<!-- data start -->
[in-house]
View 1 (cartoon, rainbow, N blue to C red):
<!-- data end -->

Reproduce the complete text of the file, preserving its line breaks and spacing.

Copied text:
[in-house]
View 1 (cartoon, rainbow, N blue to C red):